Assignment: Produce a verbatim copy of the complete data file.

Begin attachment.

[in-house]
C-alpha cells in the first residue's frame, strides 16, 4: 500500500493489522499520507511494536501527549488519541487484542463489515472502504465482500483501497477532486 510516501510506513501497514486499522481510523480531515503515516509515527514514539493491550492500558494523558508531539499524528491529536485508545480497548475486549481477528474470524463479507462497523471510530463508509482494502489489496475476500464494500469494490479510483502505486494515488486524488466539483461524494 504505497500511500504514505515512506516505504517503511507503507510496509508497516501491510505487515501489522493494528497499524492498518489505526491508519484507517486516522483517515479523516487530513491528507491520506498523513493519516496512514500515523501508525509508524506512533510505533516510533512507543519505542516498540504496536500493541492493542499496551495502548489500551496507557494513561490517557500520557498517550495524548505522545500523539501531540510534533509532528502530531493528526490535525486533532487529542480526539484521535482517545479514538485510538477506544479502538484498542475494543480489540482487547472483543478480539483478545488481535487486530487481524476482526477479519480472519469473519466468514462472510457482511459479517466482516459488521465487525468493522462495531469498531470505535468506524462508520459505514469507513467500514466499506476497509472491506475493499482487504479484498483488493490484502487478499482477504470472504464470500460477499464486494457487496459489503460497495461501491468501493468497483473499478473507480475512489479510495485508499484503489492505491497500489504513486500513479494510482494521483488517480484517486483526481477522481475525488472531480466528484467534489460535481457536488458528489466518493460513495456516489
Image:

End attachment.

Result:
[in-house]
C-alpha cells in the first residue's frame, strides 16, 4: 500500500493489522499520507511494536501527549488519541487484542463489515472502504465482500483501497477532486 510516501510506513501497514486499522481510523480531515503515516509515527514514539493491550492500558494523558508531539499524528491529536485508545480497548475486549481477528474470524463479507462497523471510530463508509482494502489489496475476500464494500469494490479510483502505486494515488486524488466539483461524494 504505497500511500504514505515512506516505504517503511507503507510496509508497516501491510505487515501489522493494528497499524492498518489505526491508519484507517486516522483517515479523516487530513491528507491520506498523513493519516496512514500515523501508525509508524506512533510505533516510533512507543519505542516498540504496536500493541492493542499496551495502548489500551496507557494513561490517557500520557498517550495524548505522545500523539501531540510534533509532528502530531493528526490535525486533532487529542480526539484521535482517545479514538485510538477506544479502538484498542475494543480489540482487547472483543478480539483478545488481535487486530487481524476482526477479519480472519469473519466468514462472510457482511459479517466482516459488521465487525468493522462495531469498531470505535468506524462508520459505514469507513467500514466499506476497509472491506475493499482487504479484498483488493490484502487478499482477504470472504464470500460477499464486494457487496459489503460497495461501491468501493468497483473499478473507480475512489479510495485508499484503489492505491497500489504513486500513479494510482494521483488517480484517486483526481477522481475525488472531480466528484467534489460535481457536488458528489466518493460513495456516489
Image: